The Eucharist for the life of the world
Last weekend was the first opportunity for some of us to gather to celebrate Mass at our various parishes. When only a few can gather you are reminded that the Mass is never a private devotion. While there may be only small numbers physically present, every Mass is actually celebrated for the life of the world. In that sense the Eucharist is celebrated by Christians but not simply for Christians. The Eucharist is celebrated so that the life of Christ, present in people, in word and in broken bread, can be shared with the whole of humanity. The Eucharist is celebrated so that reconciliation and healing may overcome division and illness.
We are more aware of this at the moment when we look around the world and see division and discord in so many places. We are more aware of this when we look around our world and see a pandemic that does not discriminate and yet, at the same time, hits the poor and disadvantaged in brutal ways. We are more aware of this as we experience life in this extraordinary year of lockdowns, isolation and grief.
The Eucharist is a reminder that we are, after all, communal beings. We are made for community and for mutual support and love. Christian claim we are also made for communion with the God of love, with one another and with the whole human family. When we cut ourselves off from any of these we are the less for it. Pope Francis reflects on our human connectedness in Fratelli Tutti:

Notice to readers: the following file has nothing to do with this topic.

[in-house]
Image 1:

Our relationships, if healthy and authentic, opens us to others who expand and enrich us. Nowadays, our noblest social instincts can easily be thwarted by self-centred chats that give the impression of being deep relationships. On the contrary, authentic and mature love and true friendship can only take root in hearts open to growth through relationships with others. (Fratelli Tutti 89)
The Eucharist can help us to remember that the gift, and task, of mutual human enrichment, respect, authentic and mature love for all, is something that always lies before us. We can become more who we are when we wrestle with difference and shake off our own prejudices. The Eucharist, in its breaking and giving action can lead us to do just that.
So, sometimes a small gathering to celebrate the Eucharist can help us to focus on the deeper meaning of the Mass. Each Mass is an invitation to experience the presence of Christ, who walks in the door with us, and with whom we walk as we leave that gathering. And we walk away with Christ who invites our hearts and minds, eyes and ears, our hands and feet to join him in bringing about the reconciliation and healing for which the world so longs.
By Fr Brendan Reed